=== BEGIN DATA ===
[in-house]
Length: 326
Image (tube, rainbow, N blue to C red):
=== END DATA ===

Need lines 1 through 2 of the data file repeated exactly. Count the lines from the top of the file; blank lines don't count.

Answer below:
[in-house]
Length: 326